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Move to four days a week in person delayed by one week due to increased COVID cases

Expansion of K-8 hybrid plan opposed by teachers’ union

Editor’s note: GRPS decided on March 31 to delay the changes outlined in the story below from April 12 to April 19. They did so based on the increased number of cases of COVID-19 in Kent County and the upcoming spring break, both of which led the Kent County Health Department to advise school districts to implement additional mitigation strategies during the week immediately following spring break. All GRPS students in hybrid in-person in grades K through 8 will maintain their current schedule for the week of April 12. All students in virtual instruction and hybrid in-person preschool, ECSE, and grades 9-12 will maintain their current schedules as well.

Grand Rapids — Students in Grand Rapids Public Schools in grades K-8 who were learning under a hybrid model that saw them in class just two days a week will have the choice to change to four days a week in person or switch to 100 percent virtual starting April 12. 

The Grand Rapids Board of Education approved the change in a 9-0 vote at its March 22 meeting in response to a memo of recommendation from Superintendent Leadriane Roby.

The revised plan reflects an absence of in-school virus transmissions since the district went from all-virtual to a hybrid in-person plan in January as well as the need to stem learning loss and support student mental health, Roby said. However, the district teachers’ union opposed the change over safety concerns brought on by the doubling of students in classrooms. 

In the new configuration, students who were in cohort A (in class on Mondays and Tuesdays) will merge with those in cohort B (Thursdays and Fridays) to form the new group of four-days-a-week, in-person students. Wednesdays will continue to be an asynchronous online learning day for all students and staff. 

All students currently attending 100 percent virtual will remain in that mode, though exceptions may be made for extenuating circumstances, subject to the approval of the principal and executive director. 

Roby told the board that due to “staffing and logistical issues,” the district would not be able to offer the current hybrid option with two days of in-person learning while also expanding to four days. Those parents who do not want four days of in-person instruction for their children will need to move them to completely virtual.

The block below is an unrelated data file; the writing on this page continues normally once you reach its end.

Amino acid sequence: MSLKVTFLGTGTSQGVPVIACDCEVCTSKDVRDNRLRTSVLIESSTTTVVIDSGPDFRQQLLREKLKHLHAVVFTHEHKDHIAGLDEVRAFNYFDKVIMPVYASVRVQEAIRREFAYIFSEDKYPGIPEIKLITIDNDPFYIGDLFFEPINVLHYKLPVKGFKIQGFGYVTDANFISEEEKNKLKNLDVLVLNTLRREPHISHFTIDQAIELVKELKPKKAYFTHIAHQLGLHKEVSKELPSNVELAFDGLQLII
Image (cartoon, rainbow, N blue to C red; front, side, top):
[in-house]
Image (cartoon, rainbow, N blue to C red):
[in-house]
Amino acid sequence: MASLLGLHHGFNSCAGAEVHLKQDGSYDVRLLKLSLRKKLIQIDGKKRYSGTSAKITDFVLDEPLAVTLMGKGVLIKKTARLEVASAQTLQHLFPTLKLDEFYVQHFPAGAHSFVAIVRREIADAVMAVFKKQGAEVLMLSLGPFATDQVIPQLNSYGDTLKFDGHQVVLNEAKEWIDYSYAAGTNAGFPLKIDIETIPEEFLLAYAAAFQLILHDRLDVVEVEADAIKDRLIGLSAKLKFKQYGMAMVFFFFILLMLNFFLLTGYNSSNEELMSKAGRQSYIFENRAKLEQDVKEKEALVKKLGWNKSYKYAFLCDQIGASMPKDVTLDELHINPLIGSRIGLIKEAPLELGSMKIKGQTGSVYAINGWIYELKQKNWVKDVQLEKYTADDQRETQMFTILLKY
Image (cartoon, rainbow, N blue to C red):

She added that in the new, expanded hybrid model, the goal is to have students remain with their teachers and support staff.

“While there may be some extenuating circumstances that may require teacher or support staff changes, we expect these changes will be limited,” she said. 

The change does not apply to students in grades 9-12, preschool or Early Childhood Education, who will remain in either the two-days-per-week in-person hybrid or 100 percent virtual modes.  

As a result of the merger of the two K-8 cohorts, district classrooms serving those students will be reconfigured for at least three feet of social distancing, in accordance with new guidelines from the Centers for Disease Control and Kent County Health Department. GRPS also will make additional ventilation adjustments and/or install additional portable bipolarization ventilation units as necessary on a classroom-by-classroom basis.

GREA Raises Safety Concerns

Though the board’s approval was unanimous, the Grand Rapids Education Association, which represents over 1,500 teachers and other GRPS professionals, formally opposed the change.

In a statement, the executive board of GREA said that while eager to work with GRPS students in a more traditional format, it had concerns about several aspects of the proposed plan, especially pertaining to the doubling of the number of students receiving in-person instruction each day.

‘Our students, like many students across the country, are experiencing mental health concerns at increased rates.’

— GRPS Superintendent Leadriane Roby